On the night of the award show, my friend and I decided to be fancy and get an Uber black car (the award show fell on Martin Luther King’s birthday and national holiday, we did it in honor of him, don’t judge us, we’re boughetto) and arrived to the award show with class. Just arriving there, you could feel the positive energy outside and on the red carpet (which we go to walk). You can tell that people were genuinely here to uplift one another and they strived for the betterment of black people. People who didn’t know us, wanted us to join in on group pictures and complimented our outfits. They welcomed us with open arms. I also felt a part of me changing for the better; I’m always myself (anyone who knows me personally knows that) but at the awards, I felt as if I can be more vibrant and truly celebrate my blackness. 

The energy outside became more prominent inside. At most award shows, the guest and the celebrities have two separate entrances, but not at the NAACP Image Awards. We all entered through the same doors. Before the show, we all took more pictures, took our seats and got to know the people around us. There was a comedian that entertained the crowd before the show started, cracking jokes on everyone, but once the show started, it seemed as though everyone had a poker face on; as if they wanted this televised award show to be a hit. Once Anthony Anderson (the host) opened the show with his jokes, he introduced Kerry Washington, Lena Waithe, Laverne Cox, Tracee Ellis Ross, Jurnee Smollett-Bell, and Angela Robinson to the stage as they brought a much-needed political message to the audience and to viewers at home, including the importance of voting. 

As the night went on, it was from a night of black excellence to a night-time cookout. The comedian was getting more and more laughs from his jokes, The AKAs were strolling during intermission (the award show was also on the same day as their Founder’s Day), celebrities socialized all throughout the venue. Everyone was feeling each award acceptance speech that the winners gave. The drinks were everywhere. Everyone truly enjoyed themselves. Of course, everyone lived for Danny Glover, Charlie Wilson, and Ava Duvernay’s speeches, but what they didn’t show on TV, was when Maxine Waters took the mic, announced that her guest was related to a victim of police brutality, and she still plans on impeaching Trump. The audience roared.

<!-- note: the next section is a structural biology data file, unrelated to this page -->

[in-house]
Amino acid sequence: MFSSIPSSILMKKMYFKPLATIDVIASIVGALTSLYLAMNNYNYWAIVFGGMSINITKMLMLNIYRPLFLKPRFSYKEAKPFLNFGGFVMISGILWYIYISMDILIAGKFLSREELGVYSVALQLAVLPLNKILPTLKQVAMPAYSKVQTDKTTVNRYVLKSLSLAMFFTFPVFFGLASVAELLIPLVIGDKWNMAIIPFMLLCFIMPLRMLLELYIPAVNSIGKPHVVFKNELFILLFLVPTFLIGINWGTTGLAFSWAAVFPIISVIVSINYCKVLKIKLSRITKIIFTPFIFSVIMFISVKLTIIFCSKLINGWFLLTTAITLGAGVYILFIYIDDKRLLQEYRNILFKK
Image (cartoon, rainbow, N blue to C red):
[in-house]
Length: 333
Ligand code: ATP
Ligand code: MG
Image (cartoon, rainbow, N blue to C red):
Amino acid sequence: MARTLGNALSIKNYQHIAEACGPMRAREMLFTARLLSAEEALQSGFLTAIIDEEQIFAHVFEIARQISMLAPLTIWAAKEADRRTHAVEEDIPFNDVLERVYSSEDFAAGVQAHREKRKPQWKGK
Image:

Between the award show and the after party (which was one of the best after parties I’ve attended, shout out to MC Lyte for being the DJ), I have to admit it changed my focus on our community and it made me reconsider how we interact with each other. Words can’t explain how inspiring it was to see people of color enjoy each other’s company and network with each other; something the world says we don’t do often. While there were only two negative incidents at the event, and one person outside yelling “why isn’t there an award for white people like this?!”, this was one of the few times I’ve walked into a room and felt embraced and loved. While this moment is something I’ve always remember, I’ll always remember the lessons I took from it as far as networking and building our community. 

Now, on my way back to Chicago, I ask myself, how can I bring this same energy to Chicago?

How can I bridge the gap between the lower and upper class within the black community? 

What is the true definition of “black excellence”?

Can one truly be woke and bougie?

Everyone who’s preaching about building our own institutions, and protesting white establishments, where were they? Were they too busy to attend? Schedule conflicts?

How can do included afro-latinos into this equation? (By the way, Amara La Negra from Love & Hip-Hop: Miami was there and she was flawless!)

Imagine how strong our community could be if we can together, like those who came together for the NAACP Image Awards. Hopefully, if after reading this article, this conversation will grow, and more actions will take place.

For a full list of winners check out the NAACP official website!